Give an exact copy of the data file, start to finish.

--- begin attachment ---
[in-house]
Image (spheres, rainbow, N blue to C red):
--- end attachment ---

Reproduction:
[in-house]
Image (spheres, rainbow, N blue to C red):